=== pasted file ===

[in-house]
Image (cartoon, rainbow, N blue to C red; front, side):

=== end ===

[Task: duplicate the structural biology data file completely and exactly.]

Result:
[in-house]
Image (cartoon, rainbow, N blue to C red; front, side):